The Palm Beach Post is one of the few Florida news outlets to have the guts to say America’s embargo against Cuba is wrong (“Stop giving Cuba excuses,” editorial.) That’s a shame. After a policy has failed for 50 years, we should hear many calls for change.
In human terms, Yoani Sanchez and other Cuban dissidents, such as Oswaldo Paya (killed in a car crash likely caused by official thugs) have a persuasive argument: The embargo hurts ordinary Cubans. Moreover, the policy is a strategic failure.
I was there at the start in 1960, running errands for the U.S. delegation to the first Organization of American States conference about Cuba. President Dwight Eisenhower’s secretary of state, Christian Herter, laid the groundwork for the 1961 U.S. embargo. A year later, working in Guatemala, I was arguing for President John F. Kennedy’s proposal for an OAS embargo, modeled on ours, requiring Latin and Caribbean nations to break with Cuba.
There were reasons to contain the Castro regime, even before Premier Nikita Khrushchev put Soviet nukes in Cuba in 1962. A Soviet ally, Cuba had tried to overthrow the democratic government in Venezuela and supported insurgencies elsewhere. An OAS embargo could have been a useful short-term measure, to pressure Cuba to stop meddling. But it was sold, instead, as a sure-fire way to oust Fidel Castro, a proposition that became an article of faith in Florida and the halls of Congress.
Fast forward to the early 1970s. The State Department’s Policy Planning staff asked four of us from different offices to review the embargo. Our conclusion: It had made Cubans more miserable but had not loosened Castro’s grip. Instead, he had turned the embargo to great advantage, using it to justify dictatorship and a terrible economy.
The study was quietly buried, but it did persuade William Rogers, Secretary of State Henry Kissinger’s top adviser for Latin America, that trying to force neighbors to honor the OAS embargo got in the way of our larger interests in Latin America. Dr. Kissinger instructed us to negotiate repeal of the OAS measures, so long as the resolution provided international legal cover for maintaining the embargo, mandated by Congress. The final version, which I worked out in the spring of 1975 with Mexico’s elder statesman, Rafael de la Colina, “left free” OAS nations to conduct relations with Cuba as they saw fit.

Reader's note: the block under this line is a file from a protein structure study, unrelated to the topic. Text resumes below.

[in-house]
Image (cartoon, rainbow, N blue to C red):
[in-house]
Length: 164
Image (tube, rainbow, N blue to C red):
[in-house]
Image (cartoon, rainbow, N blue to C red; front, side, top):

Today, the U.S. embargo, like the long-dead OAS sanctions, hinders larger U.S. interests, playing into an ugly narrative of American decline and incompetence, fostered by the late Hugo Chavez and his less charming imitators. It will be a distraction for President Barack Obama and Secretary of State John Kerry should they, as expected, place more emphasis on Latin America.
There is another strategic reason, rooted in history, for loosening the embargo: to promote liberalization. Consider Spain, where I saw how economic influences from Europe and the U.S. help prepare for a democratic transition from the long rule of the caudillo, Francisco Franco. More striking is how loosening economic restrictions under presidents Carter and Reagan helped Eastern Europe break free from the Soviets.
Mark me as skeptical about Raul Castro’s interest in improved relations. If sincere, he would have long ago released Agency for International Development contractor Alan Gross, jailed on trumped-up spy charges. No, we will have to do this ourselves, not seek gestures from a regime that needs an enemy. If history is any guide, relaxing the embargo — except for Cuba’s military and agencies of repression — will loosen the winds of economic change and foster political liberalization for a post-Castro era, which is almost upon us.
Frank McNeil served as deputy U.S. representative to the Organization of American States during some events described here. He later served as ambassador to Costa Rica and President Ronald Reagan’s special emissary for the 1983 Grenada mission. He lives in Boca Raton.